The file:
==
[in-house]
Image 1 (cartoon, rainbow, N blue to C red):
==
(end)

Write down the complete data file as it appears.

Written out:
[in-house]
Image 1 (cartoon, rainbow, N blue to C red):